Hill Workouts are a staple of many runners training regimes and my athletes are no different We use various types of workouts at different times in the training cycle dependent on the athlete in question and their current fitness and goals. Most of our hill workouts tend to be used in the fundamental phases rather than nearer to peak races.
However, there is one type of workout which is kept in the program at all times for all athletes and these are Hill Sprints.
What are Hill Sprints and why should you be using them?
Hill Sprints are exactly what the name suggests; maximal effort runs up an incline.
We use Hill Sprints on non workout days, often the day prior to a hard workout after completing our main running session of the day. In our program Hill Sprints do not constitute a hard workout in their own right, they are more of an ‘add on’ and can be considered as part of a strength and conditioning program as much as part of the running program.
Once you make the initial adaptation to the increased muscular effort (and delayed fatigue) you will not find Hill Sprints to be something that leaves you feeling tired the following day (and it can even leave you feeling invigorated – see point below RE fibre recruitment)
We have numerous reasons for practicing Hill Sprints with distance runners and these include:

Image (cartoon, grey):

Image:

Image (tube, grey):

– A safe way to practice maximal speed sprinting – The incline of the hill means that less impact is absorbed by the runner.
– Strengthening of key muscles and tendons. I think of Hill Sprints as a weights session where the resistance is the incline of the hill and the technique of the lift is your running action – so Hill Sprints are a very running specific form of weight/resistance training. This is an advantage in terms of injury prevention as well as performance enhancement.
– Recruitment of fibres. As distance runners during the vast majority of our training we only rely on (and train) a certain percentage of the fibres within our muscles leaving a portion of our fibres dormant and useless. These fibres are only called into action during high intensity bouts of exercise (such as a sprint finish, or just the final few minutes of a competition when the highly trained fibres we use at sub maximal intensities have become exhausted) so unless we have used these fibres in training we will not be able to call them into action during competition. It is no co-incidence that those athletes who are able to sprint at the end of the distance race are those who have practiced sprinting in training.
– Increased Stroke Volume. Maximal effort hill sprints elicit a very rapid heart rate response and teach the heart to pump more blood per single stroke (therefore reducing heart rate at a given intensity)
There are other benefits to hill sprints such as improving ground contact time (“reactivity of feet” in Renato’s words) and not to be underestimated is the enjoyment factor. As distance runners we have limited opportunities to take on challenges such as maximal sprinting and you will be surprised how enjoyable this change of emphasis can be for an athlete.